Tuesday, August 30, 2016


Source:Flickr user duncan
I work in a seriously progressive district and yet when I walk the halls of excellent schools, and sit in excellent classrooms with excellent teaching going on, I see ZERO technology being used. I see less today than I saw 5 years ago. I see $3000 projectors being used to display a worksheet. If there is any technology, it is rarely in the hands of students. What is going on? #seriousquestionpeople



Progressive doesn't mean that they are willing to spend the money on technology (or true training for teachers to incorporate technology into teaching). And truly, it takes money, as well as the willingness to make time available. I can compare my former school in PBC (West Boca HS) with my current school - a private school in the heart of Silicon Valley. At WB we had doc cameras and projectors, but the laptop cart had 3-year old laptops that got no technical support and were sloooooooow. I had a desktop computer only. The computer labs? Yep, testing so often that it was hardly worth it to try to schedule classes to go in there. No money for iPads unless a teacher was inclined to chase the grants (in his/her spare time, of course).

My current school is a 1:1 iPad school. Most kids have their own. In fact, a few of my students this year have the 12" $800 iPad Pro. The school has iPads to loan to students who do not have their own. I got a brand new MacBook Air and an iPad for my own classroom use. Much easier to use technology when everybody's on the same page. And today my students get to use the new zSpace 3D augmented reality consoles because my school had the funds and the willingness to spend $50K to buy them. And I don't have a schedule-crushing scope and sequence to get through, so I can take the time to let my students "play".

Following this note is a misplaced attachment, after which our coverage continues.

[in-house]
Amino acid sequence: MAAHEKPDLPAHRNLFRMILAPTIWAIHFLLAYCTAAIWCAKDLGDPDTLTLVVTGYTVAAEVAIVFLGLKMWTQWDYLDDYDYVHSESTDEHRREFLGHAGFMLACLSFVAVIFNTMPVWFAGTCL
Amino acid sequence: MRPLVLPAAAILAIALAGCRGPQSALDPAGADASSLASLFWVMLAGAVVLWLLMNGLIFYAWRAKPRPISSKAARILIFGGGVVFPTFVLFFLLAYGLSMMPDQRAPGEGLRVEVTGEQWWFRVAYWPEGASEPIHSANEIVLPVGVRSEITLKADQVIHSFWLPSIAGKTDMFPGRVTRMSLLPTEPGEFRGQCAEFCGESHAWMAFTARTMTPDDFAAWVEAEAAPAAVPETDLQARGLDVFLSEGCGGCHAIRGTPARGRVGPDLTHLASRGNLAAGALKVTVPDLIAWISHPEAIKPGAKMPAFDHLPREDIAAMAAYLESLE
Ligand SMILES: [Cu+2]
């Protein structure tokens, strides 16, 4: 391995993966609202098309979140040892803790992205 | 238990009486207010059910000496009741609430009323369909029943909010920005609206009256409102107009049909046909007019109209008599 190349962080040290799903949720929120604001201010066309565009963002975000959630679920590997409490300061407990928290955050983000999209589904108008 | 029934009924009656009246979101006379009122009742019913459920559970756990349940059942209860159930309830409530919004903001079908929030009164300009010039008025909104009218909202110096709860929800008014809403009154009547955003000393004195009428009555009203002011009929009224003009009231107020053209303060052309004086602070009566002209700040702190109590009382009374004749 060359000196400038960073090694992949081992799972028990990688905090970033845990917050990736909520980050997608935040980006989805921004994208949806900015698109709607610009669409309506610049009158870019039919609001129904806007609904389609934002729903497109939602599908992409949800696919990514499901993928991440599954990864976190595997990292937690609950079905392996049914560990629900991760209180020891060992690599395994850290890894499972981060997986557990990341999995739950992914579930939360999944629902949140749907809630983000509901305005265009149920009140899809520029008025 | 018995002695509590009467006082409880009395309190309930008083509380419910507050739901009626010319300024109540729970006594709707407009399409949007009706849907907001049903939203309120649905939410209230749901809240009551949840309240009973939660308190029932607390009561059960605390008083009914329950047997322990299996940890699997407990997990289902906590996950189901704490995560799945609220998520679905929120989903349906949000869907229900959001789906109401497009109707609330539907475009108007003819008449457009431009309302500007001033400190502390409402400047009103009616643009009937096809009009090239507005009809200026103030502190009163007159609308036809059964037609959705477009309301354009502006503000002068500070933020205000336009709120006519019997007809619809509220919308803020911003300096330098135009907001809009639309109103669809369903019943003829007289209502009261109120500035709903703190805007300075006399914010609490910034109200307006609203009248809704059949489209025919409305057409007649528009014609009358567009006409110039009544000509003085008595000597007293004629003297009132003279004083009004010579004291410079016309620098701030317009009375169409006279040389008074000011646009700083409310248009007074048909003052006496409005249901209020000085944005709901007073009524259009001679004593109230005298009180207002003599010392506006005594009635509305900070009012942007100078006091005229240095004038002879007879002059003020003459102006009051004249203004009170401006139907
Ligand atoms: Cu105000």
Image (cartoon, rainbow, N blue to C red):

Don't get me wrong, I loved teaching at WB, but in my opinion, the district has a long way to go to really be progressive.


Hi Kim,
Thank you for your comment. I appreciate your perspective and would love to know more about not having the "schedule-crushing scope and sequence" to get through. Do you have expectations? I'm sure you do, and I'm not sure the problem is lack of "stuff" as your comment implies. Just lack of using it. It sounds like you have lots of interesting technologies to use with your students. Thanks again for leaving your thoughts here.